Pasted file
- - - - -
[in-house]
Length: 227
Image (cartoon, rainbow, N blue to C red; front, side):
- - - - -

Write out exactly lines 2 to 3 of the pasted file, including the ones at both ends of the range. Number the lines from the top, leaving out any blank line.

Length: 227
Image (cartoon, rainbow, N blue to C red; front, side):